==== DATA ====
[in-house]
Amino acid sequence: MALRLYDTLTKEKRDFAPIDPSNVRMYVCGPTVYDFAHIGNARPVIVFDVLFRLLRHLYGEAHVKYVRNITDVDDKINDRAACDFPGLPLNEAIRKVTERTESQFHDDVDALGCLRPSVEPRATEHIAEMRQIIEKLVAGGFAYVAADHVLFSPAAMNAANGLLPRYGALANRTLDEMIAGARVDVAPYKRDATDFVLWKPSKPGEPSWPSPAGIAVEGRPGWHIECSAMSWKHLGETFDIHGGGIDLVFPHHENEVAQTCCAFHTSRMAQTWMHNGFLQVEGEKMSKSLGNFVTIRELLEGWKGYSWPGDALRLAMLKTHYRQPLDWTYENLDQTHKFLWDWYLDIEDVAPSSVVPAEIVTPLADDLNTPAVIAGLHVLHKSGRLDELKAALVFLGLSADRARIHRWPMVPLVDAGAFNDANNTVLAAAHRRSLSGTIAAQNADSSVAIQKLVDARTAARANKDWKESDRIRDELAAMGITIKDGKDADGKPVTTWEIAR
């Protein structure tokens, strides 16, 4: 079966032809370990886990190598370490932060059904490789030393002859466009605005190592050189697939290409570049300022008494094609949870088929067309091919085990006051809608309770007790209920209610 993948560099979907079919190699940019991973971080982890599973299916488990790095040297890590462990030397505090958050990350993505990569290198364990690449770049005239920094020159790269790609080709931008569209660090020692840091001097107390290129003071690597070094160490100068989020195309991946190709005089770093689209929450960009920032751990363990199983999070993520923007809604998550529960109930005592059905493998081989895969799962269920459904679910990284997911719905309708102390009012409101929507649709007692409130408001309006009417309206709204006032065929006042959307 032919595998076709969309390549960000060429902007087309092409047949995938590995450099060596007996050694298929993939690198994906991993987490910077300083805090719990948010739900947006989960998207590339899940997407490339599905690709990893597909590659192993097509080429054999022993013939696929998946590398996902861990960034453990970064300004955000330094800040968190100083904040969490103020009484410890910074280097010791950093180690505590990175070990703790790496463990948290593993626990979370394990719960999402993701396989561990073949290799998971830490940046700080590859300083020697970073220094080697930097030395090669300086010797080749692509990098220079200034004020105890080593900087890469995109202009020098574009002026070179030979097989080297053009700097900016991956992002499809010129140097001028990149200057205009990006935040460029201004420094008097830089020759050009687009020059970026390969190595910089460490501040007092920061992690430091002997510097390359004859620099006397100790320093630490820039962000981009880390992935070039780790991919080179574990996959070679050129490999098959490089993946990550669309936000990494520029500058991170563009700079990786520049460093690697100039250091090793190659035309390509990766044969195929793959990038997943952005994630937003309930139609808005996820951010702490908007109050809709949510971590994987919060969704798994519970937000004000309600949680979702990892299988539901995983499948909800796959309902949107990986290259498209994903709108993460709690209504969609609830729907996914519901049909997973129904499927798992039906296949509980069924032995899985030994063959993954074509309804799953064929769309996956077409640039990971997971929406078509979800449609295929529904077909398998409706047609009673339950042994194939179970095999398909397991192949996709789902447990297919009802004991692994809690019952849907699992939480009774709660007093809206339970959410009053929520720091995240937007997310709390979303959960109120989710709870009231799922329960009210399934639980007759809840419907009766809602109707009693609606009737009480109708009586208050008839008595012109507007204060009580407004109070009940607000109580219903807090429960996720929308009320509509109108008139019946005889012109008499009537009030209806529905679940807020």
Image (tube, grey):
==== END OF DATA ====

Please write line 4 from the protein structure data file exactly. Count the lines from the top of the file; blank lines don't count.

Image (tube, grey):